µ Ordeal by Hunger: The Story of the Donner Party À Download by ✓ George R. Stewart

µ Ordeal by Hunger: The Story of the Donner Party À Download by ✓ George R. Stewart I ve never read anything by George Stewart before and discovered him by way of Wallace Stegner s Big Rock Candy Mountain This was truly a page turner and well written It was written in 1936 so was probably the first book about that incident He seems to have done a lot of research quite a few of the people had left journals and of course about half of them survived He mentions that one of the survivors was still alive at the time of his writing but he she must have been pretty old as the ordeal took place in 1846 Stewart is a good writer so that added to the suspense of the story There have been a lot of stories about the Donnor Party but this one seems to be the real deal I highly recommend it if you can find it I plan to read by Stewart.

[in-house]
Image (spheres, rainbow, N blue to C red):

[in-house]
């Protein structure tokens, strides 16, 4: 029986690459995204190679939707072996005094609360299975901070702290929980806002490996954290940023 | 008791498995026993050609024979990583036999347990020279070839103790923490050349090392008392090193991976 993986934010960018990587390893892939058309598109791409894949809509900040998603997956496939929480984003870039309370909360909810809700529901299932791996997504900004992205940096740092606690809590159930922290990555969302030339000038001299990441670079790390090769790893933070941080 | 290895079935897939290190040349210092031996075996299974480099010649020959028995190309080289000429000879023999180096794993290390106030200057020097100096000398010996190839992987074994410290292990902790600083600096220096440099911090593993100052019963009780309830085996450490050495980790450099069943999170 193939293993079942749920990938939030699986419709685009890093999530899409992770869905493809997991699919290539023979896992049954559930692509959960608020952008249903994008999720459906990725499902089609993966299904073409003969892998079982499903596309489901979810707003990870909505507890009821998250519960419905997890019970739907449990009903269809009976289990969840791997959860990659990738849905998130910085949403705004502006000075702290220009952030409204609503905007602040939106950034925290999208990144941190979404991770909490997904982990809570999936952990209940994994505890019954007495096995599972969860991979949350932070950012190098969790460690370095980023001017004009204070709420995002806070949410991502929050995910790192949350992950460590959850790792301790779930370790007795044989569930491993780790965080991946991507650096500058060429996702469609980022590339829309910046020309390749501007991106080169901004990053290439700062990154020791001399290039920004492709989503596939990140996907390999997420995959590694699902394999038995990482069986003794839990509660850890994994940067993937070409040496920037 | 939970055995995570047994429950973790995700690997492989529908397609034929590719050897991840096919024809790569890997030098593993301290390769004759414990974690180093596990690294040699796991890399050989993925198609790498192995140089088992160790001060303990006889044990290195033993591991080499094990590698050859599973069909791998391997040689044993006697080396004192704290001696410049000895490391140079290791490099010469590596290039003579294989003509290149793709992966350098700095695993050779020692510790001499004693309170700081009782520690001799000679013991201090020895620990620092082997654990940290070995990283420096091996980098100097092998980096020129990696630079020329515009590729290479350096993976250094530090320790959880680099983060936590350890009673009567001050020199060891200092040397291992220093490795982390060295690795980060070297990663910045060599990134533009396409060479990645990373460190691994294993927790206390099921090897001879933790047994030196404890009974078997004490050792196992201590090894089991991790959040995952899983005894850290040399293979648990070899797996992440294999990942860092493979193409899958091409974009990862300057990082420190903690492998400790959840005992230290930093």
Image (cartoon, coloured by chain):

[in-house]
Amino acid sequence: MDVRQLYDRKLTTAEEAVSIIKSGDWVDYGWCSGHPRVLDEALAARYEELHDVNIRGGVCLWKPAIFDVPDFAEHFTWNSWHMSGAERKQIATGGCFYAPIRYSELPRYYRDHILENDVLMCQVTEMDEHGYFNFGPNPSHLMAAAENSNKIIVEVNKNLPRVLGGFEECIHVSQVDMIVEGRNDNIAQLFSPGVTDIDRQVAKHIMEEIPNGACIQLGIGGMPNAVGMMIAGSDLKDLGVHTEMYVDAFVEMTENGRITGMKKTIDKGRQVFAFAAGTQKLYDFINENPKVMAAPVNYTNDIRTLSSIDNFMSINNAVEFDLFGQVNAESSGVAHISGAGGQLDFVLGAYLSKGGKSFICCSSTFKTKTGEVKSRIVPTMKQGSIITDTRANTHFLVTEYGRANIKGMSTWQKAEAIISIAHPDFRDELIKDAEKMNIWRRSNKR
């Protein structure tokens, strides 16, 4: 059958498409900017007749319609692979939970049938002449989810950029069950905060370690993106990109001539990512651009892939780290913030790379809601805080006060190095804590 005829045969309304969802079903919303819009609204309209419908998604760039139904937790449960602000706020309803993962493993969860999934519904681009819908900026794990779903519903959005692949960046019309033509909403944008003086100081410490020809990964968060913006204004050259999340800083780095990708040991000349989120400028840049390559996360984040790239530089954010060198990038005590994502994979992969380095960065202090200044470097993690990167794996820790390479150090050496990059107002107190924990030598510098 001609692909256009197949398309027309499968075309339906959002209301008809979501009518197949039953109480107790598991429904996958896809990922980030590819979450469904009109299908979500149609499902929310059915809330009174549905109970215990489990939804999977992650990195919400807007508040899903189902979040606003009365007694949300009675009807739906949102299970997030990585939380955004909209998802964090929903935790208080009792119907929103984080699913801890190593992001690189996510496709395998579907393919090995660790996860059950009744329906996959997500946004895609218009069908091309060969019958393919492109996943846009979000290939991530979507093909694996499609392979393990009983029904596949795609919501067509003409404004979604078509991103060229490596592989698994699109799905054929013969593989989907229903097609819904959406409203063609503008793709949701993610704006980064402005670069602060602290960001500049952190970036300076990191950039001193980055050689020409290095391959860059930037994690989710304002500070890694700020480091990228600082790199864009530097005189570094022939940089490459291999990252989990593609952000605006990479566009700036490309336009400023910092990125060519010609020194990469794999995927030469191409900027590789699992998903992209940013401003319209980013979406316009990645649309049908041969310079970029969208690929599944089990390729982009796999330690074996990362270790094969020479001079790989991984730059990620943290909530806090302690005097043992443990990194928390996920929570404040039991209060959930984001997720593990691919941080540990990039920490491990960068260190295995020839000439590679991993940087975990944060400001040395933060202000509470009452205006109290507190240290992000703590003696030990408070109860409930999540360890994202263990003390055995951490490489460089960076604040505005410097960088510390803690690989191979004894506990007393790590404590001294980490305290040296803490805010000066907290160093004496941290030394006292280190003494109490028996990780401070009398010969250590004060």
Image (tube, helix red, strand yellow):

True life horror story of the Donner Party emigrants that end up stranded in the Sierra Nevada mountains in 1846 originally written in 1936 and revised in 1961, it pulls no punches while still maintaining an objectivity that avoids lurid sensationalism A bit dated in style and ethnic sensitivity It s a little like a Tolstoy novel because of the number of characters involved and the back and forth of the various parties and rescue missions.
You will never forget the vision of the rescuers finding some of the enfeebled, dead, and starving survivors at the bottom of a 25 foot snow and ice crater surrounded by the half eaten corpses of their neighbors and family, their entrails still in the stew pot over the fire.